Designing Green Roofs for Hurricane Impact
June 10, 2021 | 12:00 PM ET
Green roofs are not yet approved for the Florida Building Code by the Florida Building Commission (FBC) because there is concern that they are vulnerable to high, speed wind velocity damage and transport. Through a grant from FEMA and the FBC, two UF researchers in landscape architecture and engineering conducted full scale outdoor trials to research the effects of hurricane force winds on green roof assemblies. Built in place and modular trays were planted with a variety of species and subjected to incremental winds up to 120 mph. Pull out tests were also performed to learn anchoring qualities of plants.
- To learn how hurricane force winds affect roofs and green roof assemblies
- To learn about UF's full scale trials to research the impacts of wind uplift on green roof assemblies
- To learn the results of plant material selections' performance in the research trials
- To learn how design decisions can limit the effects of high velocity wind uplift and the impacts upon green roofs
- To provide for an opportunity for attendees to ask questions and share information
This course is will provide 1.5 Continuing Education Credits
Florida DBPR Course Number: 11010
**If you would like CE credit, please be sure to enter your LA Number in your registration.
ASLA Florida Members: $20 | Non-Members: $30
Meet The Speaker:
Senior Lecturer Emeritus
Department of Landscape Architecture
University of Florida
Glenn Acomb, FASLA, split his career in professional practice and teaching at the University of Florida’s Department of Landscape Architecture.
At UF, he taught extensively in design and construction studios, and focused on sustainable site design and stormwater-based green infrastructure research. In 2009, he co-authored the Florida Field Guide for Low Impact Development (IFAS, 2009), as well as advising the preparation of national green design standards for the National Association of Home Builders, the U. S. EPA’s WaterSense program, and the Florida Green Building Coalition. In 2012 and 2013 his student teams won back-to-back national EPA competitions for green infrastructure, the “Campus RainWorks Challenge”.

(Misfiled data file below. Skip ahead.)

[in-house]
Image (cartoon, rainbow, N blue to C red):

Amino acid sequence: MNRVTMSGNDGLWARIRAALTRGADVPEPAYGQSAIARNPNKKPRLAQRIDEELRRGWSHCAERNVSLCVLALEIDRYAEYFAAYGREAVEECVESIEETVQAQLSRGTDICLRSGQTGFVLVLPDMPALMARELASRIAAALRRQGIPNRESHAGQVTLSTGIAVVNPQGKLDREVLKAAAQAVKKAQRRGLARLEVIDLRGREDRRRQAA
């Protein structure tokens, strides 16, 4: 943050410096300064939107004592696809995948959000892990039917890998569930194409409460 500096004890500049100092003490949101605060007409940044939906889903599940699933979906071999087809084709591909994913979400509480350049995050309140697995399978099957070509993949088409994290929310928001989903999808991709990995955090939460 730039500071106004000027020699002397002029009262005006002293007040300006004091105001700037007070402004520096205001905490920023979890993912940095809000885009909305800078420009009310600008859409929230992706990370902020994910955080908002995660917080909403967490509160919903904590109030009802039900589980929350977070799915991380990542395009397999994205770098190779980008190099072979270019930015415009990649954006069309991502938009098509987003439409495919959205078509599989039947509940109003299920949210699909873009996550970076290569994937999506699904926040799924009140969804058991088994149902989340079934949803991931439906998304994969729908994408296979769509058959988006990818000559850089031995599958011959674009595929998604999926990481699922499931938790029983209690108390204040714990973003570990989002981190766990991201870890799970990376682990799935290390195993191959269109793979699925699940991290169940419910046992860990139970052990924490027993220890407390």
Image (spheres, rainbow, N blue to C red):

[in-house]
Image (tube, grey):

Among his publications is LARE Review: Mastering Section C Site Design (PPI, 2007), the first book to aid in preparation for the LARE, and he has served as an instructor in FLASLA’s LARE Prep Courses for the past 20 years.
In 2007, he co-designed one of the first green roofs in Florida, UF’s 2,600 square foot, extensive green roof which served as research laboratory for his classes. He also conducted cutting-edge research in the effects of hurricane wind uplift on green roof assemblies for FEMA and the Florida Building Commission.He holds a BLA from Louisiana State University and an MLA from Harvard University's Graduate School of Design.